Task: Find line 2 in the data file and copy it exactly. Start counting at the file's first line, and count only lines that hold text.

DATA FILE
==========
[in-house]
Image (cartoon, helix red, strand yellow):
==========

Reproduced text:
Image (cartoon, helix red, strand yellow):